Game Development Reference
Rudders and Thrust Vectoring
Although rudders and thrust vectoring have the same result, there are some important
differences. A thrust vectoring system, like a jet boat, can steer only when the vessel is
producing thrust. A rudder, on the other hand, works only when the vessel has forward
speed. If the boat isn't moving forward with enough speed, then the rudder can't produce
a turning moment.
If you keep in mind those differences, you can model both systems the same way. The
most important thing to keep in mind when modeling larger ships in your games is that
they take significant time to respond to control inputs. Figure 16-7 tracks the heading
of a ship over time during what is called the 10/10 maneuver .
Figure 16-7. 10/10 zig-zag test
A vessel is moving in a straight line, and the rudder is put over 10 degrees in one di‐
rection. Once the vessel's heading changes 10 degrees, the rudder is moved to the op‐
posite side at the same angle. The initial turning time is the time it took for the vessel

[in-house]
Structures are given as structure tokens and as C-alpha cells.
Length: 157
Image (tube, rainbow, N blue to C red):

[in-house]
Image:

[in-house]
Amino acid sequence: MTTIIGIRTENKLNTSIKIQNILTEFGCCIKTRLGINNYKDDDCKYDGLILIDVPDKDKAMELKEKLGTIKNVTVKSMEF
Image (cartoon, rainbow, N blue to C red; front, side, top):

to change its heading 10 degrees. As large ships have enormous momentum, they will
continue to turn even though the rudder is in the opposite direction. The maximum
deviation from the original heading minus the 10 degrees at which the rudder was
flipped is called the overshoot angle . The size of this angle is one measure of how slow
the vessel is to respond to the helm. For larger ships, this can be between 15 degrees
when light and 45 degrees when loaded with cargo.
The time to check yaw is the time in seconds it takes for the overshoot angle to be
achieved and the vessel to start changing its heading again. This is repeated for the other
side to detect any bias a vessel may have for turning in a particular direction. The moral
of the story is that for anything other than a high-speed small craft, boats and ships can
take a significant amount of time to respond to the helm. Your simulation should strive
to reproduce a turning ability that matches Figure 16-7 for extra realism.